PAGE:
Metro and monorail: A boon for Mumbai suburbs
Dec 06, 2013
Source : The Times of India


MUMBAI: P Nagarajan, a resident of Andheri, is upbeat about both, the monorail and the metro project, even though the projects have been delayed. For many like him residing in the suburbs, these projects are going to make life much easier. According to property analysts, these projects are being envisaged as game-changers in terms of connectivity and will reduce both, traffic congestion and commuting time.

Once the metro and monorail projects are implemented, it will ease the traffic problems in the city and will come as a major relief for residents, especially those residing in the eastern suburbs, who spend half their time travelling to and from the railway station.

The Chembur-Wadala monorail section, which is India’s first, is set to be operational in the coming months. The travel time between Wadala and Chembur will reduce by 21 minutes after the monorail is complete. The 19.54-kms monorail corridor is the world’s second longest after Japan’s Osaka corridor, which is 23.8 kms. Six rakes will be pressed into service for Phase I. Once they are operational, the trains will run every nine minutes between Wadala and Chembur.

There are seven stations in the first phase – Wadala, Bhakti Park, Mysore Colony, Bharat Petroleum, Fertiliser Township, VN Purav-RC Marg and Chembur. According to Manju Yagnik, vicechairperson, Nahar Group, “Today, the local trains are the lifeline of Mumbai. However, they are burdened too much due to huge traffic and passengers. The arrival of the metro and monorail is going to make life hassle-free for the residents. The Versova-Ghatkopar line of the metro rail will provide a vital east-west link and will reduce travel time from 90 minutes to just 20 minutes. With India’s first monorail route, the Chembur-Wadala route is expected to be operational soon. A huge amount of real estate development is likely to take place along this corridor.”

Even Dilip Kawathkar, public relation officer, the MMRDA, shares similar views, as he says, “In the case of the metro project, which is going to connect Versova to Ghatkopar via Andheri in the first phase of the 11.4-kms elevated track, the connectivity between the eastern and western suburbs will provide much-needed relief to commuters. Currently, the journey on clogged roads is made tedious by the numerous traffic jams.” Also, a consultant has been appointed to study the corridor of the Charkop-Bandra-Mankhurd metro, which is going to be constructed underground, instead of an elevated one and be extended to Dahisar.

Surendra Dewan, a property consultant in Chembur, explains, “If you are an investor, it makes sense to keep track of these plans and act in time, before property prices in areas that the project will connect rise. Locations that will gain from it are, Andheri, Ghatkopar, Chembur and Wadala, which have already seen a decent jump in property prices.”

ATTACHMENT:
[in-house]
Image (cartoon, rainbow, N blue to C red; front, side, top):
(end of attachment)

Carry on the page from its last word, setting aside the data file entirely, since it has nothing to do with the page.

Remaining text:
Talking about the metro project, Ashutosh Limaye, head-research and real estate intelligence service, Jones Lang LaSalle India, informs, “The first phase of the Ghatkopar-Versova link is supposed to become operational this year. In the eight years since the project was announced, prices in many areas that will benefit from the link have risen by as much as 400 per cent.”

Expectedly, the monorail project has already driven up the real estate values.Property analysts anticipate that after the monorail gets operational, prices in these localities and in areas falling on the Chembur-Wadala stretch, such as Tilak Nagar, Kurla, Chunabhatti, JTB Nagar and Wadala Junction, will appreciate by a minimum of 20 per cent.

“We believe that both, the metro rail and monorail will have a great impact on the infrastructure development of the area. They will reduce traffic congestion and make the city smaller,” states Shailesh Puranik, managing director, Puranik Builders Pvt Ltd.

“The government is also supporting the efforts with higher Floor Space Index (FSI), increasing the value of land parcels and built-up spaces. Prices in these locations have risen more than in others. The demand, too, is healthy,” an official of the MMRDA says.

Kawathkar states, “The Mumbai transformation support unit has also come up with a suggestion to give higher FSI around the area of the upcoming metro stations. This should make those who wish to opt for redevelopment happy.” He concludes, “With the monorail coming up from Chembur to Jacob Circle via Wadala, many residents have been approached by private developers, seeking redevelopment. The number is as high as 60. Residents must understand that their property value is most likely to jump substantially, once the metro or monorail run through their area.”

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